WASHINGTON – Lawmakers have questions regarding meatpackers’ decision to export meat products to China while at the same time warning of shortages of meat in the United States. Tyson Foods, JBS USA, Cargill and Smithfield Foods have until June 30 to provide answers.
Cargill, which doesn’t have a pork business in the US, only beef and turkey, and does not export beef or turkey to China, had no comment on the matter.
In a letter to the chief executives of those companies, Senators Elizabeth Warren and Cory Booker accused the companies of exporting “… massive amounts of pork and other meats to consumers in China while threatening the American public with an impending shortage of beef, pork, and chicken. All the while you put thousands of your workers in harm’s way to maintain production, dramatically increased prices for US consumers, and successfully lobbied the President to sign an executive order designating your plants as critical infrastructure that allowed them to continue operating in an unsafe fashion.”
The lawmakers included a list of 10 questions for the companies to answer, including how many tons of poultry, beef or pork the companies produced from March 1, 2020 to May 31, 2020 and how many tons of those item the companies exported to China during the same period.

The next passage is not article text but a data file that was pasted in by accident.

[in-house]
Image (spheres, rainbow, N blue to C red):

“This pattern of behavior raises questions about whether you are living up to your commitments to the workers who produce your pork and beef; the communities in which you operate, and the nation’s consumers that rely on your products to feed their families,” the letter said. “It also raises questions about what, exactly, Smithfield meant when the company said that “[w]e have continued to run our facilities for one reason: to sustain our nation’s food supply during this pandemic,” and about how seriously Tyson takes its “responsibility to feed our country.””
Meat processors face intense scrutiny from federal agencies. The Department of Justice recently indicted four poultry company executives on charges of price-fixing. The US Department of Agriculture and DOJ are investigating the beef industry for alleged anti-competitive behavior; and processors have received withering criticism for how they handled outbreaks of coronavirus (COVID-19) among meat plant workers.